Streetcars Are Transit
What is transit?
We love this definition by the California Transit Association: it’s the freedom of mobility.
Streetcars are most definitely transit. We often reference Kansas City as our mentor to the south, and Portland is usually cited as the gold-standard streetcar city. But we want to introduce you to what might be the streetcar capital of the world…
Welcome to Budapest
The capital of Hungary has the busiest tram network in the world: more than one million people ride the city’s 36 tram routes each day. When you consider that Budapest’s population is just under 1.8 million people, with the metro area containing 3.3 million, that’s impressive ridership.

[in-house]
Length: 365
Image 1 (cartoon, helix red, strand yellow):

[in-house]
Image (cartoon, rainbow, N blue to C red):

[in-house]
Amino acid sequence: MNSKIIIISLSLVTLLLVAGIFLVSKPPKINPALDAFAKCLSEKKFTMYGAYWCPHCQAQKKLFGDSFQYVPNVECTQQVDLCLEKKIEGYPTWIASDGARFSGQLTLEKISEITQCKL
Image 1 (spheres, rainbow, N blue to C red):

How do they do it?
- Dedicated road space
- Streetcars have traffic priority
- Many convenient stops with frequent service
- Culture shift from cars to public transit
Most people in Budapest rely on transit as their primary means to get around. Only 42 percent of Hungarians own cars according to a recent survey, and that percentage is probably even lower in Budapest.
While Omaha would have to go through a lot of infrastructure changes to be able to support a transit network like Budapest’s, it’s an interesting case study given the similar sizes of our two cities (as opposed to say, Tokyo, which has more than 9 million people who also rely less on cars).
The 3.3-mile proposed streetcar route through the center of our urban core is the first step to making Omaha a more transit-friendly destination and place to live, work and play.